The 53-year-old Cohen is currently scheduled to be released on November 22, 2021.
Just last month, Madoff had asked for a “compassionate release” from federal prison because of his terminal kidney disease.
According to the petition that he filed at the time, Madoff has a life expectancy of less than 18-months.
Now his attorneys are calling for him – and all at-risk federal prisoners – to be released for their own safety because of the coronavirus crisis.
“The federal prison system has consistently shown an inability to respond to major crises”, one of Madoff’s attorneys, Brandon Sample, told the Associated Press. “My concerns are even more amplified for prisoners at federal medical centers and those who are aged.”
The 81-year old Madoff is serving a 150-year sentence for bilking thousands of investors in a $17.5 billion Ponzi scheme.
Following his arrest, the Madoff family’s assets were auctioned off, and the government appointed a trustee who worked to recoup the $17.5 billion in principal investments that Madoff’s firm made. The Madoff Recovery Initiative has so far paid out nearly $13 billion, and another fund has paid out more than $2 billion to tens of thousands of victims, according to the funds’ websites.
He was imprisoned in July 2009 after pleading guilty to 11 felony counts – including money laundering, perjury, and falsifying financial documents.
Back in June 2019, Madoff submitted a clemency petition to President Trump. According to the Department of Justice’s website, that petition is still listed as “pending”.
State Prisons & Local Jails Are Already Releasing Some Prisoners
Several states and municipalities have already begun to reduce their prisoner populations in anticipation of outbreaks of the coronavirus.
In Los Angeles, for example, the nation’s largest jail system has reduced its prisoner population by more than 600 since the end of February by releasing many inmates with fewer than 30 days left on their sentences.
And in Cleveland, judges held a special session last weekend to settle numerous pending cases with guilty pleas without any jail sentences – and to release more than 200 low-level, non-violent inmates.
In Miami, the top state attorney has urged the release of all non-violent felons and those being held on misdemeanors. That proposal has not yet been approved.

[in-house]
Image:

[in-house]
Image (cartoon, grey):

Last week, New York City’s Board of Corrections called for the immediate release of all high-risk inmates after an investigator assigned to the jail system died over the weekend from COVID-19. The city’s jail system has about 8,000 inmates, most at the notorious Rikers Island facility.
On Tuesday, March 24th, New York City Mayor Bill De Blasio announced that 300 low-level inmates would be released immediately in order to help reduce the spread of the coronavirus in the City’s jails.
The 300 people to be freed are in addition to another 75 prisoners already released in the hope of curbing the spread of COVID-19. As of Tuesday, 54 people in city custody and 30 Department of Correction staff members had already tested positive for coronavirus.
Literally, what about John Tighe – is he in any position to ask for release? Does he have the resources to appeal for it?
It’s easy to revile the obviously unsympathetic characters, but it would be truly sad if someone like Tighe died a few months short of release due to being confined in an unnecessarily dangerous environment, though I would guess that the medical facility at Ft. Devens may be better than most.
We’ll have an update from John at some point in the near future. In the meantime, we can confirm that he is still at the Fort Devens facility – and that, like everyone else there, he’s basically in semi-lockdown status. Routine testing is not taking place – and, despite the fact that almost every inmate at Fort Devens has some sort of medical problem, none have been released early because of the coronavirus crisis.
Hope that John Tighe is safe.
In an overflow or contamination situation, the US Marshals Service can transfer Federal prisoners to Rikers Island (a state facility) and then reimburse New York State for the costs on a per day/per prisoner basis.